Investors should question buying U.S. stocks right now, strategist says

There's a 'tug of war' between stimulus and fundamentals, investor says

Investors should think carefully about whether buying U.S. equities is the right thing to do in the current environment, a strategist has warned.

Speaking to CNBC's "Squawk Box Europe" on Wednesday, Peter Toogood, CIO of financial services business The Embark Group, noted that many fund managers were not excited about the possibilities in U.S. stocks, despite markets showing some signs of recovery from drastic declines in March.

"The U.S., the big daddy, has been expensive and remains expensive," he said.

Financial markets have been on a roller-coaster ride since the coronavirus crisis first took hold. In the U.S., stock markets saw their worst first quarter on record as the new coronavirus became a worldwide pandemic, but shares rallied in April and have been volatile in May as the lifting of lockdowns, economic stimulus and hopes for a Covid-19 treatment remain in focus.

Toogood said that a lot depended on the "tug of war" between government stimulus and fundamentals.

"The fundamentals are going to stink, there is no question the earnings are going to be extremely challenging. And the bridge is the fiscal stimulus."

The U.S. Economy, like the global economy, is expected to take a significant hit from the pandemic, with the IMF predicting gross domestic product (GDP) in the United States will contract by 5.9% this year. In a bid to mitigate the economic impact of the crisis, Congress has approved a historic $3 trillion in government spending.

Toogood said that many fund managers remained invested in U.S. stocks because "why should they know … whether the fiscal stimulus is sufficient size to overwhelm what is an unparalleled crisis in the sense of revenues disappearing, something that has not happened for over 100 years?"

Investors were now attempting to work out whether they would need to dismiss 2021 corporate earnings, as well as this year's, he added.

Government-imposed lockdown measures, coupled with supply and demand shocks from the coronavirus crisis, hit corporate earnings in the first quarter. A slew of U.S. companies, including LyftApple and PepsiCo, have withdrawn their earnings guidance amid the ongoing uncertainty, with only around one in five companies listed on the S&P 500 still providing quarterly guidance.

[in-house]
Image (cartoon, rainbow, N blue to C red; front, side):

Now, a number of analysts are warning that earnings could take longer than markets are anticipating to recover from the effects of the pandemic.

"You have to ask yourself the question about why buying U.S. forward here is the right thing to do," Toogood said on Wednesday, noting that price-to-earnings ratios for U.S. equities were at their highest-ever levels.

"If (the coronavirus) comes back, if we have a second go at this, then those multiples aren't the right multiples. If it isn't coming back, the fiscal stimulus creates the bridge, and in fact, we're probably clear. And that's the thing you're wrestling with."

Toogood isn't the only strategist to take a cautious approach to U.S. equities.

JJ Kinahan, chief market strategist at TD Ameritrade, told CNBC last week that markets were trading on optimism instead of reality, warning that the two may collide in mid-June.

Meanwhile, Victoria Fernandez, chief market strategist at Crossmark Global Investments, said on Tuesday that she expected volatility to continue in U.S. equity markets.

Jonathan Pain, author of The Pain Report, told CNBC's "Street Signs Asia" that financial markets had "got ahead of themselves," and urged investors to exercise caution around U.S. equities in particular.